Cast of Characters

James Lawrence explores how contemporary artists have grappled with the subject of the library.

Rachel Whiteread, Nissen Hut, 2018.

Shy Sculpture: Nissen Hut

Rachel Whiteread’s public sculpture Nissen Hut was unveiled in October 2018 in Yorkshire’s Dalby Forest. Curator Tamsin Dillon explores the dynamic history of these structures and provides a firsthand account of the steps leading up to the work’s premiere.

Rachel Whiteread, Untitled (Notre-Dame), 2019.

For Notre-Dame

An exhibition at Gagosian, Paris, is raising funds to aid in the reconstruction of the Cathédrale Notre-Dame de Paris following the devastating fire of April 2019. Gagosian directors Serena Cattaneo Adorno and Jean-Olivier Després spoke to Jennifer Knox White about the generous response of artists and others, and what the restoration of this iconic structure means across the world.

Gagosian Quarterly Summer 2019

Now available
Gagosian Quarterly Summer 2019

The Summer 2019 issue of Gagosian Quarterly is now available, featuring a detail from Afrylic by Ellen Gallagher on its cover.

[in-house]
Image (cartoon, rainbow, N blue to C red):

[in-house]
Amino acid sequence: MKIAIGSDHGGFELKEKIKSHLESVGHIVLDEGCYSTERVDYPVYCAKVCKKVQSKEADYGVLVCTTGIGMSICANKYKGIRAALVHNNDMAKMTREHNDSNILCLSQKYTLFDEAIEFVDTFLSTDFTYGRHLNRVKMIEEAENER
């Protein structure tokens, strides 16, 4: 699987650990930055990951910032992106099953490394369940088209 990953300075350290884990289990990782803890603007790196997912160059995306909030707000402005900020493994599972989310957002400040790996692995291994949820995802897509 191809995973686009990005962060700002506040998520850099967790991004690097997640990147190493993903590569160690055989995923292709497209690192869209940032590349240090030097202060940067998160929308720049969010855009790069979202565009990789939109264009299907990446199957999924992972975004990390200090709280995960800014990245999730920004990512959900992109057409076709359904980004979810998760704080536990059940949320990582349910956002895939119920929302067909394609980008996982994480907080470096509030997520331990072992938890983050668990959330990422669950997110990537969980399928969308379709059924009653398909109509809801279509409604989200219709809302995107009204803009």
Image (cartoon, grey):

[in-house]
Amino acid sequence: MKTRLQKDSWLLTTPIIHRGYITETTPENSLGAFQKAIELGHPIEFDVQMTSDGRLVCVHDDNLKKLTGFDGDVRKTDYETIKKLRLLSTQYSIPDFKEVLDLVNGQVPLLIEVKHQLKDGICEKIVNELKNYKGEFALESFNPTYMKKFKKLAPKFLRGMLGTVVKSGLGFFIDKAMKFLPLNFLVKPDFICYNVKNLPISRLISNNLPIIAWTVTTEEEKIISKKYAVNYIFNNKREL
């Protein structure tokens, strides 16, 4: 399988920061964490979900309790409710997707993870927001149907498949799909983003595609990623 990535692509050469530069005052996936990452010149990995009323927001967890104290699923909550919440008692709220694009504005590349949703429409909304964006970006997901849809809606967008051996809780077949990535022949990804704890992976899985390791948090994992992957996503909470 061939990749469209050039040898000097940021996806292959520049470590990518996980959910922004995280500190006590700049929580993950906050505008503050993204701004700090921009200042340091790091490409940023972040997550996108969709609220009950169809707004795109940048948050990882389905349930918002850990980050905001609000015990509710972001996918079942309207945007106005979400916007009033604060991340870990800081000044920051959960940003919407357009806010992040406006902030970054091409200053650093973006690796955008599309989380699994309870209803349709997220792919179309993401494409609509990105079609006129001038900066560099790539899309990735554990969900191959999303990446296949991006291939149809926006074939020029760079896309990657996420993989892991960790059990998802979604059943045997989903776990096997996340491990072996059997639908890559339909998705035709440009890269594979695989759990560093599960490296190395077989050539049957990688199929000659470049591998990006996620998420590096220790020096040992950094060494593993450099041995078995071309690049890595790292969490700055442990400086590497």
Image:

Gagosian Quarterly Spring 2019

Now available
Gagosian Quarterly Spring 2019

The Spring 2019 issue of Gagosian Quarterly is now available, featuring Red Pot with Lute Player #2 by Jonas Wood on its cover.

Becoming Home

Becoming Home

Rachel Whiteread’s US Embassy (Flat pack house) was unveiled in its permanent home at the new American embassy in Nine Elms, London, earlier this year. Virginia Shore, the curator for the London embassy project who worked with Whiteread to realize this site-specific commission, reflects on the history of prefabricated housing, the power of “home,” and the connecting force of art.

Solid Recollections: Rachel Whiteread

Solid Recollections: Rachel Whiteread

James Lawrence explores the quiet power and critical role of memory in Rachel Whiteread’s public works.

Fairs, Events & Announcements

Ed Ruscha. Photo: Sten Rosenlund

Online Exclusive

Artist Spotlight
Ed Ruscha to kick off new season of Gagosian’s online series

Launching September 16, 2020

Gagosian is unveiling a new vision for the Artist Spotlight series that will operate independently of our exhibition program. This will cement the platform’s status as a vibrant aspect of the gallery’s programming that allows artists to operate imaginatively beyond the physical exhibition format.

The second season of Artist Spotlight—a series that focuses on an individual artist for one week each month—premieres on September 16, 2020, with a new project by legendary artist Ed Ruscha. A selection of works by preeminent artists—including John Currin, Takashi Murakami, Nathaniel Mary Quinn, and Rachel Whiteread—will debut this fall. For updates, please contact the gallery at collecting@gagosian.com.